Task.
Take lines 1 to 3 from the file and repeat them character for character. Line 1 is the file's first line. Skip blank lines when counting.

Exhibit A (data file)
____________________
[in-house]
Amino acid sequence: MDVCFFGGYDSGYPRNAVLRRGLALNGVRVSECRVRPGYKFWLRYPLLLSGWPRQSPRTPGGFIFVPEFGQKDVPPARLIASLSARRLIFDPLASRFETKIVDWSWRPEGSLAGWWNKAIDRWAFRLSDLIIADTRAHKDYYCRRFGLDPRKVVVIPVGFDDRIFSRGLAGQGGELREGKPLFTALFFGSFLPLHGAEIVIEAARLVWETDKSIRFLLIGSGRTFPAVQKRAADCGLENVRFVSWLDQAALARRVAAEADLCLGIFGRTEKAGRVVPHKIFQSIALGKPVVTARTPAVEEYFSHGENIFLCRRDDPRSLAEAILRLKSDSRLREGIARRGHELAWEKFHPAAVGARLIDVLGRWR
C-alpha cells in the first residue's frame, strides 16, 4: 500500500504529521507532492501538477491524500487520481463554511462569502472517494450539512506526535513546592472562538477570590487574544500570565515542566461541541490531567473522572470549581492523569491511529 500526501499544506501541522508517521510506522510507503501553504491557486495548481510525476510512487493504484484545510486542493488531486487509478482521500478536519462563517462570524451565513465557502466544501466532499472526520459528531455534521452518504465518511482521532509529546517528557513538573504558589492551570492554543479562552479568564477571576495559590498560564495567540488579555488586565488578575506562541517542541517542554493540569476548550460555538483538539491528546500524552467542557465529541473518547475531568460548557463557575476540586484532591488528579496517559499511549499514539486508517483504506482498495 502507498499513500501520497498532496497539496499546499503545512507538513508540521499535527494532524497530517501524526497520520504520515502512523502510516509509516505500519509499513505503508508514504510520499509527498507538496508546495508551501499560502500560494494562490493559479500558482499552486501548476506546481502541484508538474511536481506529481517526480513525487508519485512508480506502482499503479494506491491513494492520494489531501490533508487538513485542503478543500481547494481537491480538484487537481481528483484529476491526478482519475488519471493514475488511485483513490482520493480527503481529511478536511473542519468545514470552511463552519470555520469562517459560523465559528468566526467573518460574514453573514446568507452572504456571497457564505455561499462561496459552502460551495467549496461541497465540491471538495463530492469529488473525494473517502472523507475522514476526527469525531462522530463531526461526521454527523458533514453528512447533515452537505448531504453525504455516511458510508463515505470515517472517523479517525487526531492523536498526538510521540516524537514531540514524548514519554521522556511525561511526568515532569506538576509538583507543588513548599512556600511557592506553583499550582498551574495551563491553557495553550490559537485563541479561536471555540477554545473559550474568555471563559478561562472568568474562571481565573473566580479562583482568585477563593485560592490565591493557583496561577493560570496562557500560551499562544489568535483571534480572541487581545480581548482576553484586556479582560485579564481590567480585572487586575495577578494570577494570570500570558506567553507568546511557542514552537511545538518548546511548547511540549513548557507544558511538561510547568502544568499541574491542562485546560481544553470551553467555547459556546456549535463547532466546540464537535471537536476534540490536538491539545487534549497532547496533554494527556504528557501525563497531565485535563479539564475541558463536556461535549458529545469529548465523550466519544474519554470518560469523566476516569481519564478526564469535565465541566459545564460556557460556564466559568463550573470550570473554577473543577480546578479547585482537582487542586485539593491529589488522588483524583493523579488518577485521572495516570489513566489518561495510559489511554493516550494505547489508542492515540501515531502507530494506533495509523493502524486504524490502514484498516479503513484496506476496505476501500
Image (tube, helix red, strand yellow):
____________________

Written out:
[in-house]
Amino acid sequence: MDVCFFGGYDSGYPRNAVLRRGLALNGVRVSECRVRPGYKFWLRYPLLLSGWPRQSPRTPGGFIFVPEFGQKDVPPARLIASLSARRLIFDPLASRFETKIVDWSWRPEGSLAGWWNKAIDRWAFRLSDLIIADTRAHKDYYCRRFGLDPRKVVVIPVGFDDRIFSRGLAGQGGELREGKPLFTALFFGSFLPLHGAEIVIEAARLVWETDKSIRFLLIGSGRTFPAVQKRAADCGLENVRFVSWLDQAALARRVAAEADLCLGIFGRTEKAGRVVPHKIFQSIALGKPVVTARTPAVEEYFSHGENIFLCRRDDPRSLAEAILRLKSDSRLREGIARRGHELAWEKFHPAAVGARLIDVLGRWR
C-alpha cells in the first residue's frame, strides 16, 4: 500500500504529521507532492501538477491524500487520481463554511462569502472517494450539512506526535513546592472562538477570590487574544500570565515542566461541541490531567473522572470549581492523569491511529 500526501499544506501541522508517521510506522510507503501553504491557486495548481510525476510512487493504484484545510486542493488531486487509478482521500478536519462563517462570524451565513465557502466544501466532499472526520459528531455534521452518504465518511482521532509529546517528557513538573504558589492551570492554543479562552479568564477571576495559590498560564495567540488579555488586565488578575506562541517542541517542554493540569476548550460555538483538539491528546500524552467542557465529541473518547475531568460548557463557575476540586484532591488528579496517559499511549499514539486508517483504506482498495 502507498499513500501520497498532496497539496499546499503545512507538513508540521499535527494532524497530517501524526497520520504520515502512523502510516509509516505500519509499513505503508508514504510520499509527498507538496508546495508551501499560502500560494494562490493559479500558482499552486501548476506546481502541484508538474511536481506529481517526480513525487508519485512508480506502482499503479494506491491513494492520494489531501490533508487538513485542503478543500481547494481537491480538484487537481481528483484529476491526478482519475488519471493514475488511485483513490482520493480527503481529511478536511473542519468545514470552511463552519470555520469562517459560523465559528468566526467573518460574514453573514446568507452572504456571497457564505455561499462561496459552502460551495467549496461541497465540491471538495463530492469529488473525494473517502472523507475522514476526527469525531462522530463531526461526521454527523458533514453528512447533515452537505448531504453525504455516511458510508463515505470515517472517523479517525487526531492523536498526538510521540516524537514531540514524548514519554521522556511525561511526568515532569506538576509538583507543588513548599512556600511557592506553583499550582498551574495551563491553557495553550490559537485563541479561536471555540477554545473559550474568555471563559478561562472568568474562571481565573473566580479562583482568585477563593485560592490565591493557583496561577493560570496562557500560551499562544489568535483571534480572541487581545480581548482576553484586556479582560485579564481590567480585572487586575495577578494570577494570570500570558506567553507568546511557542514552537511545538518548546511548547511540549513548557507544558511538561510547568502544568499541574491542562485546560481544553470551553467555547459556546456549535463547532466546540464537535471537536476534540490536538491539545487534549497532547496533554494527556504528557501525563497531565485535563479539564475541558463536556461535549458529545469529548465523550466519544474519554470518560469523566476516569481519564478526564469535565465541566459545564460556557460556564466559568463550573470550570473554577473543577480546578479547585482537582487542586485539593491529589488522588483524583493523579488518577485521572495516570489513566489518561495510559489511554493516550494505547489508542492515540501515531502507530494506533495509523493502524486504524490502514484498516479503513484496506476496505476501500